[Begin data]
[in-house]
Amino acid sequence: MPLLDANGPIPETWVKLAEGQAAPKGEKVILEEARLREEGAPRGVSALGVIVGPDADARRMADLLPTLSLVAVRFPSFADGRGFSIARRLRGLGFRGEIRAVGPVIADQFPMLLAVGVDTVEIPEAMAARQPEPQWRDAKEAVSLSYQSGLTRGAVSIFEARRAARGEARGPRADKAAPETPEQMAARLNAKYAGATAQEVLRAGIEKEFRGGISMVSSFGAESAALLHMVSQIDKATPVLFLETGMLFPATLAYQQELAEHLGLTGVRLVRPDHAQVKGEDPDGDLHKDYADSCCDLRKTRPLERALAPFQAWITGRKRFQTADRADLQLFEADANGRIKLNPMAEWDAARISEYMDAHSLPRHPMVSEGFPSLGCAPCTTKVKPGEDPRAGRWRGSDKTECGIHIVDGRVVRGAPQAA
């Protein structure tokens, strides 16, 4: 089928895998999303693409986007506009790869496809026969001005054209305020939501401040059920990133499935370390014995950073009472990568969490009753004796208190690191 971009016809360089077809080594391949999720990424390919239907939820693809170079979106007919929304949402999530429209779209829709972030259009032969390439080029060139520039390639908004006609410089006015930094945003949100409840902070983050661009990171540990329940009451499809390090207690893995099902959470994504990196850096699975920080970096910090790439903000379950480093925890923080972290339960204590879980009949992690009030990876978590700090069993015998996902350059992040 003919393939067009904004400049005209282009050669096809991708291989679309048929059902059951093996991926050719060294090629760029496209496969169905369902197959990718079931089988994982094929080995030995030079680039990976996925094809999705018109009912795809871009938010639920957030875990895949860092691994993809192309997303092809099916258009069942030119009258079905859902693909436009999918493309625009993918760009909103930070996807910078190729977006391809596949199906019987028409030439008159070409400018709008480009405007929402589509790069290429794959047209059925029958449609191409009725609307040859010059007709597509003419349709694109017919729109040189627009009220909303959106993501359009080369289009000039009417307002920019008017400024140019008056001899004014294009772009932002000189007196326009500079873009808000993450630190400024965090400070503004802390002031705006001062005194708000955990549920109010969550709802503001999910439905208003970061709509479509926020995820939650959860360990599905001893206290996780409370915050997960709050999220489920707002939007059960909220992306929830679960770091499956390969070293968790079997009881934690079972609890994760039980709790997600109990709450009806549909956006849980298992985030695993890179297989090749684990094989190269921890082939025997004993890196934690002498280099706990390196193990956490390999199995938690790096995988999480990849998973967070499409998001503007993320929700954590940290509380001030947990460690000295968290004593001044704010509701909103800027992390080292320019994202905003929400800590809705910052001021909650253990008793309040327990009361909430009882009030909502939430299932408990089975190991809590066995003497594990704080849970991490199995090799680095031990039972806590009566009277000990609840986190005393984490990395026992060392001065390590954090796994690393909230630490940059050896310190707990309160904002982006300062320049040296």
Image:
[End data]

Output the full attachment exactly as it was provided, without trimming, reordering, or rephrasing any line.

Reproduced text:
[in-house]
Amino acid sequence: MPLLDANGPIPETWVKLAEGQAAPKGEKVILEEARLREEGAPRGVSALGVIVGPDADARRMADLLPTLSLVAVRFPSFADGRGFSIARRLRGLGFRGEIRAVGPVIADQFPMLLAVGVDTVEIPEAMAARQPEPQWRDAKEAVSLSYQSGLTRGAVSIFEARRAARGEARGPRADKAAPETPEQMAARLNAKYAGATAQEVLRAGIEKEFRGGISMVSSFGAESAALLHMVSQIDKATPVLFLETGMLFPATLAYQQELAEHLGLTGVRLVRPDHAQVKGEDPDGDLHKDYADSCCDLRKTRPLERALAPFQAWITGRKRFQTADRADLQLFEADANGRIKLNPMAEWDAARISEYMDAHSLPRHPMVSEGFPSLGCAPCTTKVKPGEDPRAGRWRGSDKTECGIHIVDGRVVRGAPQAA
């Protein structure tokens, strides 16, 4: 089928895998999303693409986007506009790869496809026969001005054209305020939501401040059920990133499935370390014995950073009472990568969490009753004796208190690191 971009016809360089077809080594391949999720990424390919239907939820693809170079979106007919929304949402999530429209779209829709972030259009032969390439080029060139520039390639908004006609410089006015930094945003949100409840902070983050661009990171540990329940009451499809390090207690893995099902959470994504990196850096699975920080970096910090790439903000379950480093925890923080972290339960204590879980009949992690009030990876978590700090069993015998996902350059992040 003919393939067009904004400049005209282009050669096809991708291989679309048929059902059951093996991926050719060294090629760029496209496969169905369902197959990718079931089988994982094929080995030995030079680039990976996925094809999705018109009912795809871009938010639920957030875990895949860092691994993809192309997303092809099916258009069942030119009258079905859902693909436009999918493309625009993918760009909103930070996807910078190729977006391809596949199906019987028409030439008159070409400018709008480009405007929402589509790069290429794959047209059925029958449609191409009725609307040859010059007709597509003419349709694109017919729109040189627009009220909303959106993501359009080369289009000039009417307002920019008017400024140019008056001899004014294009772009932002000189007196326009500079873009808000993450630190400024965090400070503004802390002031705006001062005194708000955990549920109010969550709802503001999910439905208003970061709509479509926020995820939650959860360990599905001893206290996780409370915050997960709050999220489920707002939007059960909220992306929830679960770091499956390969070293968790079997009881934690079972609890994760039980709790997600109990709450009806549909956006849980298992985030695993890179297989090749684990094989190269921890082939025997004993890196934690002498280099706990390196193990956490390999199995938690790096995988999480990849998973967070499409998001503007993320929700954590940290509380001030947990460690000295968290004593001044704010509701909103800027992390080292320019994202905003929400800590809705910052001021909650253990008793309040327990009361909430009882009030909502939430299932408990089975190991809590066995003497594990704080849970991490199995090799680095031990039972806590009566009277000990609840986190005393984490990395026992060392001065390590954090796994690393909230630490940059050896310190707990309160904002982006300062320049040296």
Image: